from werkzeug.routing import EndpointPrefix, Rule

import myapp.views

def make_rules():
  return [
    EndpointPrefix('myapp/', [
      Rule('/', endpoint='index'),
    ]),
  ]

all_views = {
  'myapp/index': myapp.views.index,
}

Here is an example which adds index2 view bound to the url /myapp/index2:

from werkzeug.routing import EndpointPrefix, Rule

import myapp.views

def make_rules():
  return [
    EndpointPrefix('myapp/', [
      Rule('/', endpoint='index'),
      Rule('/index2', endpoint='index2'),
    ]),
  ]

all_views = {
  'myapp/index': myapp.views.index,
  'myapp/index2': myapp.views.index2,
}

In above examples, we defined views with view callables. To do this, we need to import our views module in urls module. Thus, this could cause huge startup costs if your views module is very big or you have many apps in your project. We can define these views as string to avoid these costs. It allows Kay to load our views in lazily manners.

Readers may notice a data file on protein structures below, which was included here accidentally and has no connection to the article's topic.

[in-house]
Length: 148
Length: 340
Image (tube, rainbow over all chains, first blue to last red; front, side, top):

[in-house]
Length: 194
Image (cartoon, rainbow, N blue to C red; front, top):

Here is the re-written version of the last example defining views as strings. Don’t forget to remove import myapp.views statement for this to work efficiently.

from werkzeug.routing import EndpointPrefix, Rule

def make_rules():
  return [
    EndpointPrefix('myapp/', [
      Rule('/', endpoint='index'),
      Rule('/index2', endpoint='index2'),
    ]),
  ]

all_views = {
  'myapp/index': 'myapp.views.index',
  'myapp/index2': 'myapp.views.index2',
}

Sometimes you may define class based views. How can you set those class based view in your urlmapping in lazily manners? You can do this as follows:

from werkzeug.routing import EndpointPrefix, Rule

def make_rules():
  return [
    EndpointPrefix('myapp/', [